While camels rapidly evoluted several genes to adapt their environment, contemporary studies recorded that camels are sensitive to toxicity with some drugs as monensin, narasin and maduramicin ionophores compounds, which are extensively used in veterinary medicine. Recently, camel genome was resolved, which will allow for discovery of secrets of camel life. To this end, it is not known whether camel cytochrome enzymes were specially developed or adapted to camel environment or it has been associated with increasing the susceptibility of camels to toxicity with drugs. The objectives of this work are annotation of camel genome and retrieval of camel for cytochrome P450 1A2 (CYP 1A2) for phylogenetic, molecular modeling studies, docking studies and determination of its drug binding power. Results indicated poor efficiency of camel CYP 1A2 in binding with drugs. Furthermore, despite the high evolution of many camel genes to adapt camel environment, CYP 1A2 was found to be phylogenetically retarded gene showing lower rate of evolution compared with subset of data from 100 different organisms. These results suggests the potential toxicity of camels with drugs undergoing oxidation by CYP 1A2.
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Camels are raised in arid and semiarid environment. For this reason, camels have especially evoluted some genes for accustoming its surrounding environment. For example, camels have unique water and heat regulation metabolic pathways that allowed them to live in the desert environment. This adaptation is accompanied by rapid evolution of water and regulation mechanisms (Wu et al., 2014). As a form of adaptation, the camel mitochondrial proteins showed higher evolution rate in camelids to allow for living in different environments (Di Rocco et al., 2006, 2009).
Camels are sensitive to toxicity with some drugs which have wide safety margin in other animals (Ali, 1988; Mousa and Elsheikh, 1992; El Bahri et al., 1999; Alquarawi and Ali, 2000). For instance, ionophores compounds as monensin, narasin and maduramicin are extensively applied in veterinary medicine for their antimicrobial, antiprotozoal and growth promoting effect (Miller et al., 1990; Mousa and Elsheikh, 1992; Abu Damir et al., 2013). Camels are very sensitive to toxicity with ionophores compared with other animals as poultry, sheep and cattle. A camel can die after administration of low dose of 0.6 mg kg-1. In contrast, poultry can withstand at least 30 folds higher of such dose. Similarly, diminazine aceturate is a common drug for treating blood parasites in animals is not recommended for camels due to serious toxicity, which is well tolerated in other species (Homeida et al., 1981).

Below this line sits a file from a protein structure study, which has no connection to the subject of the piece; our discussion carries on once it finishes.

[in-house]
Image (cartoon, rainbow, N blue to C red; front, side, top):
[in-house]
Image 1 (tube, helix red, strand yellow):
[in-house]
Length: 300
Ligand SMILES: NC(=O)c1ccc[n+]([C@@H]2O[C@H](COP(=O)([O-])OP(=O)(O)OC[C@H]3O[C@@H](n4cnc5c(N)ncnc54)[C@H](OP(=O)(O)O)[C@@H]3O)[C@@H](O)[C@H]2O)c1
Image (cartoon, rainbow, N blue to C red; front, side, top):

The camel genome now is already available for public use (Wu et al., 2014). This study is directed toward the use of the recently announced camel genome sequences for discovering the genetic bases of camel susceptibility to ionophores toxicity. Furthermore, the rate of evolution of camel cytochrome P450 A2 will be investigated and compared with other species. Cytochrome P450 1A2 is a major enzyme in drug and xenobiotics metabolism. In order, to compare the drug binding power with other well characterized enzymes e.g., human CYP 1A2, docking studies will be conducted to determine the binding affinity for monensin, narasin and maduramicin. In this study, we show the slower evolution and lower drug binding capacity and unstable complexes with narasin and maduramicin of camel CYP 1A compared with the human enzymes were showed. This might suggest the reason beyond camel toxicity with these compounds.
MATERIALS AND METHODS
Collection of camel genome data: The Arabian camel genome database at King AbdulAziz City of Science and Technology (http://www.camel.kacst.edu.sa Last Time Access on This Date 2015-01-06) and the genome databases at the National Institute of Heath were used to retrieve the genes and proteins of camel. The data from KACST included a set of expression sequence tags (EST library).
Handling of camel genes and retrieval of camel CYP A1 sequence: Human CYP1A2 sequence was used to BLAST the retrieved camel sequences. The highest contig hits were retrieved. The retrieved contig was then used to BLAST gene databases at NCBI to get the highest similarity hits. Handling of genomic data, BLAST search and sequence alignment were performed by CLC genomics workbench.
Analysis of gene evolution rate: The evolution rate was assessed by BEAST programs (Drummond and Rambaut, 2007; Drummond et al., 2012). Geneious 7.1.7 software package was used to build alignment in NEXUS format. The BEAUti software was used to convert NEXUS file to xml format for Bayesian evolutionary analysis. Substitution rate was set for 1, gamma category count was set to 4 and the JC69 was used as a substitution model. Timing data were not provided and the branch lengths represented the substitutions per year with an assumed average of 1. Relaxed clock log normal was set for clock model at clock rate of 1 and uniform birth rate. Marcov Chain Monte Carlo (MCMC) mathematical model is used by BEAST, the length of chain was set to 1000000 and the log file is saved for tree annotation by TreeAnnotator software. The produced tree is visualized and annotated by FigTree software. Examination of MCMC results were viewed Tracer program.